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The best way to treat migraine is identification and avoidance of trigger. There are food triggers like red wine, processed meats, aged cheese, and caffeine, MSG which is abundant in Chinese foods, chocolates and food preservatives.
Other triggers can be bright light, loud noise and emotional and physical stress.
I would suggest you to maintain a headache diary which will help you ion identifying the trigger.
If your headaches cannot be controlled by relpax it is time to switch over to another drug or dosage adjustment.
Please discuss this with your specialist. Take care!
Hi, I am not a doctor but have had very good luck taking Excedrin Migraine for mine. If you haven't tried it, it is definitely worth a try. It's an over the counter medication. For me, it completely knocks out the pain very quickly.
My doctor added a lidocaine nasal spray compound to my med. list. I try it first, if it doesn't work, i take maxalt melt tabs. My migraines are very severe and i have too many triggers too name, some i am not even aware of. My family docs have never heard of this spray, so if you want the whole name to tell your doc to try it let me know. it has helped me. If i can ever not take po meds and avoid rebound headaches i am all for it!!!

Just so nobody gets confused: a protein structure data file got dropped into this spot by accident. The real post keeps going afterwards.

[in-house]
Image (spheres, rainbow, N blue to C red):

I have had severe migranes (vomiting, sensitivity to sound and light, intense headache for 3+ days) with aura for about 10 years. I've taken all kinds of different medications (imitrex, zomig, etc.), but once my Dr. finally put me on Relpax (40mg) it started to help. However, I have to take the Relpax with two excedrine migrane capsules at the onset of the aura or I am down for the next few days. It also generally helps if I sleep.
I know it's been a while since you've posted... I hope everything is going well for you. I was without insurance for a long time in between graduating from undergrad and my first job, and I was suffering with migraines, so I had to go with a lot of home remedies because OTC excedrin migraine made me very sick. If I took something right away as soon as I noticed pain, I didn't wait to see if it was working or not. I immediately got an ice pack. I used to alternate between my forehead and the back of my neck. Then when I finally got to see a neurologist, he suggested using both an ice pack and a heating pad and putting an ice pack on my forehead and a heating pad on my neck. Light pressure, like resting a pillow on top of my head or touching my fingertips to my scalp sometimes helped. I've also read something about soaking your feet in hot water (just keeping your feet warm in general), or even running your hands under hot water. It has something to do with drawing blood from your head. I personally haven't tried that one, but I'm going to keep it in mind. I can't really think of anything else that I've tried, other than a big cup of coffee and a dark quiet room. Good luck!
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